The proposals appear to be clearly unsatisfactory, for a number of reasons.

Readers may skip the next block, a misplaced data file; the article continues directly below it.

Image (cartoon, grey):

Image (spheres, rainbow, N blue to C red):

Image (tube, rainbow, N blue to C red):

In the first place, obtaining an advantage of a patrimonial nature at the expense of a third party does not always correspond to the use of the right of another which may be assessed in monetary terms. This is the case, for example, with an environmental disaster which, caused by an ill-considered business decision to reduce costs, has led to serious physical injury to members of a given group. Manuel Carneiro da Frada highlights this difficulty, by means of another example8: “In the situation (…) of gains obtained by a magazine as a result of its defamation of someone, the doctrine of allocation presents certain difficulties since this is not, obviously, a case of taking advantage of the benefits of a right reserved to its holder and from whom these have been deflected. Here it appears that the disgorgement of the profit may be based on the idea, which is persuasive and easy to formulate, but which it is not easy to include within a simplifying theory of the enrichment in question, that nobody should be allowed to keep for himself the gain from an unlawful act which he has committed. In any case, it seems that this obligation to disgorge the profits depends on the fault – on the type of fault -, it being plausible in the case of wilful intent. This means we are confronted with the preventive and punitive functions of the actual unjust enrichment”.